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The Pittsburgh Penguins are one of three teams without a shutout this season. They have been shutout four times, allowing 15 goals. They’ve scored 98 goals in wins and a paltry 12 in losses. Of the 44 goals they’ve allowed in losses, 15 come by way of shutouts.
The latest takes on it’s infamy as the record-breaking shutout by a most deserving, Martin Brodeur.
The New Jersey Devils are one of five teams that have not been shutout this season. Brodeur’s three shutouts for the Devils this season set up and then smashed the all time shutout record.
In honour of the new shutout record at 104 – and counting – the following are the to-date shutouts and numbers in the NHL in 2009-10.
Niklas Hagman, with 15 goals, sits 18 in goals scored this season, fellow european Alexei Ponikarovsky is a little further down, ranked 29th in NHL goal scoring with 12 on the year so far.
Phil Kessel and Matt Stajan both have more goals than Brad Richards, Nicklas Backstrom, Henrik Zetterberg, and Patrick Kane.
And while these stats are a welcome sight to most fans, many would agree that the secret to the Leafs success lies much deeper.Â At least, much deeper down the depth chart.
By: Gus Katsaros
Prior to the season starting, I had written about the impact of schedules. In particular, as the Leafs face the Habs tonight after playing the previous night, while Montreal is rested. Interesting enough, the last time this happened, Toronto beat Detroit 5-1.
Schedules make a big difference in the results of NHL teams fates during the season. In some instances, it could be the difference between a playoff spot and a tee time (and I thoroughly enjoy both â€“ FORRRREEEE!!).
By Gus Katsaros
The Leafs arenâ€™t as bad as a four win first quarter. They were a playoff bubble team prior to the season, and the postseason wasnâ€™t necessarily the goal, as was becoming competitive enough to stay in the run. They arenâ€™t a bottom five NHL club, and unlikely to finish in a lottery position.
This season continues the transition like last season into shaping Toronto into a respectable organization, from management, down. That hasnâ€™t changed with the off season moves, aside from some specific performances.
‘Spirit is Everything’ is a fitting slogan .. because winning this season, means nothing.
Speculation on whoÂ is likely to be scratched for Saturday’sÂ rematchÂ against the New York Rangers, an update on Phil Kessel, and (surprise, surprise) some early-season trade chatter.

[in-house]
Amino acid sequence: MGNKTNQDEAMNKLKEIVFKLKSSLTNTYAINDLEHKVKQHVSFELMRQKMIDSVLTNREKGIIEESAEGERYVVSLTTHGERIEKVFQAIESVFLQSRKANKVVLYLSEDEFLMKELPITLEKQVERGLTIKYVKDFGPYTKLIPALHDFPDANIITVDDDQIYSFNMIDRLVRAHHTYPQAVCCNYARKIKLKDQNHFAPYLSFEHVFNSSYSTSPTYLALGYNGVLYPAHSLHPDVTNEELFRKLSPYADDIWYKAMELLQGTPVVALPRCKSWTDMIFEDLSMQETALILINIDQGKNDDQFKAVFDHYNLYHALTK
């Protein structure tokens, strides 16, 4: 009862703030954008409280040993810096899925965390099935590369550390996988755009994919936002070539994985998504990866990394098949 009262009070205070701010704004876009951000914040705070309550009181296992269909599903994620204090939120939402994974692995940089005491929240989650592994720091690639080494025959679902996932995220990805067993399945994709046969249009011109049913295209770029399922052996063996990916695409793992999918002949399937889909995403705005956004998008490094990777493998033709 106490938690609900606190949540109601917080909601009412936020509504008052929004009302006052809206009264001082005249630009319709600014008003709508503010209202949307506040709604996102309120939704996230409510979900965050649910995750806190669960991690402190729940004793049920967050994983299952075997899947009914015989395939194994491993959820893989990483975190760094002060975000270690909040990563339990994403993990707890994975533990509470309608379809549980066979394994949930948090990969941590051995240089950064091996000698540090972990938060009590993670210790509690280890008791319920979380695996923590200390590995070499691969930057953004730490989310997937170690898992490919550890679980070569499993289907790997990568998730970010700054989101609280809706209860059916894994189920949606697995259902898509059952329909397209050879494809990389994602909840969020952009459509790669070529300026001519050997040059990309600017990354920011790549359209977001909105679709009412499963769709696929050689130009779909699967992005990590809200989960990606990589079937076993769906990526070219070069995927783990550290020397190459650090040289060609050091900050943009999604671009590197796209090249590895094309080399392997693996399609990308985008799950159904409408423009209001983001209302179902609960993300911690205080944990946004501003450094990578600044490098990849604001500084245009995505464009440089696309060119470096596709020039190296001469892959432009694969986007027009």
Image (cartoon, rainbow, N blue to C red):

So few players seem to ignite the dichotomy of emotions Jason Blake inspires. Undrafted, undersized and inconsistent, Blake rode the wave of a steep and late developmental curve and earned himself a five year $20 million contract at 34. A prototypical throwback to the malaise of JFJ’s overpriced veteran acquisitions, Blake has taken his lumps in the media, demands for his trade by fans and rekindled some of the form that made him a 40 goal scoring all-star on Long Island.
Yet regardless of his contemporary state of play or his trading value, few have a bad word to say about the Moorhead, Minnesota native.
Small wonder, with an immovable contract analogous to maligned teammate Jeff Finger, Blake has ebbed and flowed in rhythm with the turbulence of back room upheaval like no other. Dubbed a one season wonder whose goal scoring exploits for the Islanders were anomalous to a side lacking offensive leadership, Blake went from big fish in a shallow pool to floundering in the Toronto fishbowl.
Last season in a draft, I chose Evgeni Nabokov for an H2H league organized by James Mirtle. It seemed early, but I had reasons. To win in fantasy GMs must find an edge using unconventional analysis and strategy.
That’s what I try to do.
Facts don’t lie and I liked Nabokov (and Backstrom from Minnesota) better than any goalie last season. It’s also why Tim Thomas ranked higher. This season both Nabby and Thomas weren’t ranked as high. Maybe the Bruins and Sharks struggle this season.
Why? Find out here.
The Maple Leafs finished as the league’s worst defensive team last season, giving up an astounding 286 goals, which works out to about 3.5 goals against a game. As such, much of the team’s summer remodeling took place on the blueline, which saw the departure of Kubina and the additions of shutdown defensemenÂ Beauchemin and Komisarek. With nearly $20M dollars committed per season through 2011 to the group of Kaberle, Komisarek, Beauchemin, Schenn and Finger, and Tomas being the only player above the age of 30, it appears on paper at least, that this will be the core of the defense for the foreseeable future. If that’s the case, how do they stack up against the rest of the league?